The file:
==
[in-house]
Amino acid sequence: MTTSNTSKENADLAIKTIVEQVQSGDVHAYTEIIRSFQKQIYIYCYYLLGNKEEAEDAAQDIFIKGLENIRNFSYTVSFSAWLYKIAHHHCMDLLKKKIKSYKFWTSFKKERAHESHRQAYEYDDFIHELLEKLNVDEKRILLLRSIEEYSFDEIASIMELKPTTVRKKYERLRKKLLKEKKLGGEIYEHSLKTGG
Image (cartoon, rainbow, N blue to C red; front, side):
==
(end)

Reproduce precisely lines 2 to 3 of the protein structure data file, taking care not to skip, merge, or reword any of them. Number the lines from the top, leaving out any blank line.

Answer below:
Amino acid sequence: MTTSNTSKENADLAIKTIVEQVQSGDVHAYTEIIRSFQKQIYIYCYYLLGNKEEAEDAAQDIFIKGLENIRNFSYTVSFSAWLYKIAHHHCMDLLKKKIKSYKFWTSFKKERAHESHRQAYEYDDFIHELLEKLNVDEKRILLLRSIEEYSFDEIASIMELKPTTVRKKYERLRKKLLKEKKLGGEIYEHSLKTGG
Image (cartoon, rainbow, N blue to C red; front, side):